Cauliflower—once the despised vegetable that stood between you and leaving the dinner table—is having a moment. It’s being stuffed in tacos, slathered with buffalo sauce, and made into mash. It even holds center stage in lieu of a cut of beef. Plus, more varieties are available now than ever: yellow, purple, and its cousin, a spiraled Italian kind called Romanesco. Turns out, cauliflower is super versatile.
And it couldn’t happen to worthier produce.
“Cauliflower is rich in antioxidants and nutrients with protective properties that affect almost all the systems in your body,” says Alexandra C. Oppenheimer Delvito, a New York–based nutritionist.
Take choline, for example, a nutrient in cauliflower that’s key for cell functioning and metabolism—and one that most people don’t get enough of, Delvito says. It’s especially important for endurance athletes, since a choline deficiency can hurt muscle function.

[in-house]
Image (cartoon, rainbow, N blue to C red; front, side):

And cauliflower is great for your gut. A study in the Journal of Functional Foods found that a compound found in the vegetable breaks down in the stomach and feeds the good gut bacteria, aiding metabolism, and bolstering the immune system.
To retain nutrients and phytochemicals, keep cook times short. Steam, sear, or eat the veg raw, but never boil. Here are three recipes to make your meals a little more cruciferous.